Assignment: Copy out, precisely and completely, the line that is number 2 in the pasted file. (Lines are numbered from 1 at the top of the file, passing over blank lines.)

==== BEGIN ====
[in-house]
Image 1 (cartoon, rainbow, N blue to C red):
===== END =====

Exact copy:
Image 1 (cartoon, rainbow, N blue to C red):